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Table of Contents 
BASIC RESEARCH
Year : 2012  |  Volume : 57  |  Issue : 1  |  Page : 12-14
Serum concentration of IL-6, IL-2, TNF-α, and IFNγ in Vitiligo patients


1 Division of Immunopathology, Department of Pathology, Institute of Medical Sciences, Banaras Hindu University, Varanasi, India
2 Department of Dermatology, and Venereology, Institute of Medical Sciences, Banaras Hindu University, Varanasi, India

Date of Web Publication10-Mar-2012

Correspondence Address:
Suman Singh
Division of Immunopathology, Department of Pathology, Institute of Medical Sciences, Banaras Hindu University, Varanasi-221 005
India
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Source of Support: None, Conflict of Interest: None


DOI: 10.4103/0019-5154.92668

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   Abstract 

Background: Vitiligo is an acquired depigmenting disorder characterized by the loss of functional melanocytes from the epidermis. Although the etiology of vitiligo is unknown, over the last few years, substantial data from clinical research has greatly supported the 'Autoimmune theory' and this is supported by the frequent association of vitiligo with disorders that have an autoimmune origin, including Hashimoto's thyroiditis, Graves disease, type 1 insulin-dependent diabetes mellitus, and Addison's disease. As cytokines are important mediators of immunity, there is evidence to suggest that they play a major role in the pathogenesis of autoimmune diseases. Aim: Keeping this in view we have assayed sera for cytokine IL-6, IL-2, Tumor necrosis factor (TNF)-α, and IFNγ in 80 cases of vitiligo and compared it with healthy subjects, in order to find out whether they play a role in the pathogenesis of vitiligo or not. Materials and Methods: Serum IL-6, IL-2, TNF-α, and IFNγ were done by the indirect enzyme linked immunosorbent assay (ELISA). Results: The mean serum IL-6 and IL-2 levels in the patient group were significantly higher when compared with those of the normal controls. The mean serum IFNγ level in patients with vitiligo was significantly lower than that in the control group. There was no significant difference in the serum level of TNF-α between vitiligo and healthy controls. Conclusion : An increase in the production of proinflammatory cytokines such as IL-6 and IL-2 in vitiligo patients may play an important role in melanocytic cytotoxicity. Thus, we speculate that the cytokine production of epidermal microenvironment may be involved in vitiligo.


Keywords: Cytokines, IFN-gamma, IL-2, IL-6, TNF-alpha, vitiligo


How to cite this article:
Singh S, Singh U, Pandey S S. Serum concentration of IL-6, IL-2, TNF-α, and IFNγ in Vitiligo patients. Indian J Dermatol 2012;57:12-4

How to cite this URL:
Singh S, Singh U, Pandey S S. Serum concentration of IL-6, IL-2, TNF-α, and IFNγ in Vitiligo patients. Indian J Dermatol [serial online] 2012 [cited 2019 Dec 13];57:12-4. Available from: http://www.e-ijd.org/text.asp?2012/57/1/12/92668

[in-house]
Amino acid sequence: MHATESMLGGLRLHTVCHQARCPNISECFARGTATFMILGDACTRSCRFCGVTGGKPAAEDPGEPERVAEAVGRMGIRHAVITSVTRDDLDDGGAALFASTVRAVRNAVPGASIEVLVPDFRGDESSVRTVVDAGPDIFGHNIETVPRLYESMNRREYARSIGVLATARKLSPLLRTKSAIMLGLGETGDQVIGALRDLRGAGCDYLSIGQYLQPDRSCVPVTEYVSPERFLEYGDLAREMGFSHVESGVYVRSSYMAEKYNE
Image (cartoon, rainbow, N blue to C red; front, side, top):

Introduction Top


Vitiligo is an acquired depigmenting disorder, characterized by the loss of functional melanocytes from the epidermis. About one to two percent of the world's population suffers from this disorder, without any regard to ethnic, racial, or socioeconomic background. [1] Although the etiology of vitiligo is unknown, over the last few years, substantial data from the clinical research has greatly supported the 'Autoimmune theory' [2],[3] and this is supported by the frequent association of vitiligo with disorders that have an autoimmune origin including Hashimoto's thyroiditis, Graves disease, type 1 insulin-dependent diabetes mellitus, and Addison's disease. [4] As cytokines are important mediators of immunity and there are evidences to suggest that it plays a major role in the pathogenesis of autoimmune diseases including Hashimoto's thyroiditis [5] and insulin-dependent type-1 diabetes mellitus, [6] the alteration in the concentration of various cytokines such as IL-6, IL-8, IL-10, IL-2, TNF-α, and IFNγ have been the subject of intensive investigations in autoimmune disorders, [4],[5],[7],[8] but only a few studies dealt with alterations in the serum concentration of cytokines in vitiligo. Keeping this in view we have assayed sera for cytokine IL-6, IL-2, TNF-α, and IFNγ in 80 cases of vitiligo and compared it with that of healthy subjects, in order to find out whether or not they play a role in the pathogenesis of vitiligo. A total of 80 patients with vitiligo were taken from the Outpatient Department of Dermatology and Venereology of the Sir Sunderlal Hospital, B.H.U., Varanasi, for a period of nine months. About 50 healthy controls from the staff and students of the institute were included in the study with no present or past history of autoimmune or any systemic disease. Clinical diagnosis of the patients was done by the dermatologist. Blood samples were taken when the patients first visited the dermatologist. The study was approved by the ethical committee of this institute and consent was given by all the patients enrolled in the study.


   Materials and Methods Top